May 29 (Reuters) - Canada's main stock index edged higher on Monday, extending its recovery from a near two-month low, as energy and financial shares gained ground after a deal was reached in Washington that could enable the U.S. to avoid defaulting on its debt.
The Toronto Stock Exchange's S&P/TSX composite index (.GSPTSE) ended up 47.64 points, or 0.2%, at 19,967.95, after posting on Thursday its lowest closing level since March 28 at 19,774.08.
Trading volume was lighter than normal with U.S. markets closed for Memorial Day.
Democratic President Joe Biden and Republican House of Representatives Speaker Kevin McCarthy on Sunday signed off on an agreement to temporarily suspend the debt ceiling and cap some federal spending.
The deal "adds confidence to investors and markets who were worried (about a possible default)," said Barry Schwartz, a portfolio manager at Baskin Financial Services.
The heavily-weighted financials group rose 0.4%, clawing back some of the losses from last week when some major banks disappointed with their corporate earnings.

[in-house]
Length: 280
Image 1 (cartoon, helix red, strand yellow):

Monday's gains were led by Canadian Western Bank (CWB.TO). It rallied 5.5%.
Energy was up 0.7% as the price of oil rose 0.5%.
Polls opened in Canada's main oil-producing province Alberta in a tight election race that is expected to have a significant bearing on Prime Minister Justin Trudeau's climate goals, which are already seen as lagging global peers.
Among the sectors that lost ground was consumer discretionary. It was down 0.5%.
Reporting by Fergal Smith in Toronto and Johann M Cherian in Bengaluru; Editing by Andrea Ricci and Grant McCool
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